"If you've got the guts mister, if you've got the balls, you think it's your time, then step to the line and bring on your wrecking ball"
- Bruce Springsteen, Wrecking Ball
There will be beeping alarm clocks aplenty in the city of Liverpool early on Saturday morning. Thousands of fans will rub their eyes and see their replica shirts and lucky underwear laid out in anticipation of a trip to Wembley. For many, the journey will involve overcrowded trains at Lime Street Station, while for others it will be laced with the grey tarmac of the motorway, with an intermission for coffee at Watford Gap services. All roads from the North West on Saturday morning head to Wembley Stadium.
It goes without saying that the FA Cup Semi-Final is a vital moment in Everton's season. It is a great opportunity for an upper-half finish to be supplemented by something far more memorable: the chance to return to the FA Cup Final and to win the trophy for the first time since 1995. As well as being vital for the Football Club, this match also marks a crucial point in the reign of Everton's manager David Moyes, who after a decade in charge of the club is two victories away from being remembered as an important figure in its history rather than a very good manager who won no silverware.
All too often, Moyes has sent his side out with the mentality of the plucky underdog. The nauseating tag of "overachievers" coined by the media must now be banished. After all, how many years must a team finish in the top eight before this becomes an minimum expectation?
Everton are no longer the underdogs. Liverpool currently sit below them in the league and it is vital that Moyes approaches the game with this in mind. Over the last decade, on too many occasions David Moyes' teams have simply caved in when facing Liverpool. (These instances do not include the notable occasions when questionable refereeing decisions have unfairly robbed his side.)
This is the game when all of the ifs, buts and maybes must end. It's time to banish the memory of no wins at Anfield in ten years as a manager and it's time to bury the underdog mentality of trying to nick a goal and then hold on. This is Moyes' big chance to shake off the inferiority complex that has made trips to places such as Anfield and Old Trafford a write off for the last decade.
Everton have a team that is absolutely capable of beating their local rivals. Much depends on the central midfield partnership between Marouane Fellaini and Darron Gibson. Despite initial reservations about his signing, Everton fans will surely admit that Gibson has excelled so far in his Everton career, providing balance and discipline that has allowed Fellaini to roam freely and perform at his imperious best.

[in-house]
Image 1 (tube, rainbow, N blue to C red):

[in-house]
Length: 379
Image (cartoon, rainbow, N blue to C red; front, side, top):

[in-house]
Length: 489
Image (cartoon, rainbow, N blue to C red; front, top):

Nikica Jelavic is the man who Liverpool will fear most on Saturday. The former Rangers striker has already scored an impressive five goals in seven starts for Everton since joining the club for £5.5 million on transfer deadline day. The signing of Jelavic has also resulted in something of a return to form for Tim Cahill, who had long looked as if his best days were behind him. Cahill's improved performances have not yet yielded goals, but with his excellent Merseyside derby record he will be a guaranteed starter on Saturday.
Moyes is also likely to select the young Frenchman Magaye Gueye ahead of Royston Drenthe on the left wing. Gueye has plenty of technical ability and his confidence will have soared after a goal against Sunderland on Monday, but he must improve his anticipation and decision making if he is to keep up with the frenetic speed of a Merseyside Derby. Drenthe has the ability to change games, but on this stage his temperament will be of huge concern. I have often criticised Moyes for his cautious approach, but few could blame him if he decides Drenthe is best used as a substitute for this game.
The rest of the team picks itself, with Heitinga and Distin preferred over Jagielka in central defence. Heitinga has been a revelation of late and along with Fellaini will be a leading candidate for Everton's player of the season.
For Everton fans, Saturday afternoon will end in triumph or tears. For David Moyes, there will rarely be a better opportunity to prove himself on the big stage. This is no time for negative setups, no time for wistful soundbites of "they've spent more money than us", no time for "sometimes defending is more important", and above all, no time for failure. David Moyes has the ability and so does his team. This Everton team must show up and take the game by the scruff of the neck. Above all though, they must truly believe that they can win.
Over to you, David Moyes. Bring on your wrecking ball.